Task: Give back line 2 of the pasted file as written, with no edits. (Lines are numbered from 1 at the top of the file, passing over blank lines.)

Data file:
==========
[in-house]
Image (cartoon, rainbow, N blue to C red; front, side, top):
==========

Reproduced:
Image (cartoon, rainbow, N blue to C red; front, side, top):